Frank Fulbrook was a community activist who pushed hard against corporate forces to try to get a medical marijuana dispensary open in Camden. He failed that fight, but left his mark advocating various good government initiatives and holding Camden officials accountable for decades.
Frank died Tuesday. He was 64.
When I had my first conversation with Frank nearly two years ago, he spoke passionately about his plans to open a dispensary in the shadow of Campbell's Soup's corporate headquarters and the Cooper University Hospital campus.
His idea was to use two vacant warehouses to grow cannabis and sell it to gravely sick patients.
He didn't seem to recognize he was tilting at windmills. "I want to see this happen...This is a win-win-win situation. Patients need their medicine and I want sick people to get their medicine. And, this will be a new industry for Camden and it will create maybe 100 jobs," he said, with indomitable enthusiasm.
Never mind that Campbell's Soup sent representatives to the city zoning board and aggressively fought against the proposal. Cooper also issued statements saying a dispensary could increase crime in the neighborhood.
The zoning board unanimously voted no, saying a dispensary was a unique business that was not permitted in the light industrial zone.
Fulbrook was shocked. He had served eight years on the planning board and believed there were no valid grounds for rejecting the plan. "We were arguing that the production of medicine is a permitted use in a light industrial zone," he said.
City officials and board members would not comment.
Before his death, he was working on new strategies to get the dispensary approved. He had filed a lawsuit against the zoning board and relished a legal battle he expected to win.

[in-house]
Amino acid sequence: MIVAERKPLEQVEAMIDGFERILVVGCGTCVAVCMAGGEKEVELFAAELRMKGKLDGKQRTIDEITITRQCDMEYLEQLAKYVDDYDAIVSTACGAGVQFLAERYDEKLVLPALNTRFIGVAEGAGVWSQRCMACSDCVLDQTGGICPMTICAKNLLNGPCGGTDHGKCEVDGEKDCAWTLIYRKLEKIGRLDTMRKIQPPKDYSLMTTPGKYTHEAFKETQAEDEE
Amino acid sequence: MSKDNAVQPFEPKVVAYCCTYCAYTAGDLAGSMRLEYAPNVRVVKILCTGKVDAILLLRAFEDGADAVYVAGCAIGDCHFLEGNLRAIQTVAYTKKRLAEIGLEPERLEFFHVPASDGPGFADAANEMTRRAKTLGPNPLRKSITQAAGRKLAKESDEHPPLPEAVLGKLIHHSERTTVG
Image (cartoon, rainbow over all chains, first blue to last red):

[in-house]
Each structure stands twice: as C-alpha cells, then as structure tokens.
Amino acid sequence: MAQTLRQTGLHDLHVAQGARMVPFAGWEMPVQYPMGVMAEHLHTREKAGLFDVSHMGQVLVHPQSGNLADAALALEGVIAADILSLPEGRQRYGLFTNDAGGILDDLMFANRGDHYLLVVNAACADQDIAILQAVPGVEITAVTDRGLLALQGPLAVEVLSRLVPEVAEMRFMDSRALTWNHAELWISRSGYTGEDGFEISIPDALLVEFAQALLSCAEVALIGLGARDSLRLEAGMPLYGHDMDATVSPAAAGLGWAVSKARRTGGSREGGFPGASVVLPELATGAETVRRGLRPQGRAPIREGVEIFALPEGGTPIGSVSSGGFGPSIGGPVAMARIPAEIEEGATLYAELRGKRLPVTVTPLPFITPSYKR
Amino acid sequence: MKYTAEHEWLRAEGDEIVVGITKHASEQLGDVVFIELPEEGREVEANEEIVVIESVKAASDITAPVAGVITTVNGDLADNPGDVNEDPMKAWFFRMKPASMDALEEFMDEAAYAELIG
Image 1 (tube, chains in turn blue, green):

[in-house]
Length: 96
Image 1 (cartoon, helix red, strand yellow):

He had an impressive resume as a government watchdog and activist. He served eight years on the planning board and was on the board of the Camden Empowerment Zone Corporation. For decades, he attended numerous civic meetings in the city. He also ran for mayor twice and for council three times to try to bring change. So what if he lost? He felt he was doing his best to change Camden, his beloved city, for the better.
Frank earned a degree in political science and urban studies from Rutgers University and taught himself to write legal briefs so that he could challenge city actions he believed were unfair. "I've done about 25 lawsuits and had 21 wins," he said, chuckling. "And I'm not a lawyer."
Even while he was ailing, Frank attended frequent meetings and spoke up for what he believed. In the spring I met him at a press conference in Trenton that was called by the Coalition for Medical Marijuana New Jersey to bring attention to problems with the state's marijuana program. He said state legislators should amend the law so that dispensaries were given status as an institution "inherently beneficial to the public good." That would make it more difficult for zoning boards to snub their noses at dispensary plans, he said.
Frank walked slowly out of the meeting, limping, but his words continued to flow at rapid speed. He had ideas and opinions that needed to take flight.
God speed, Frank.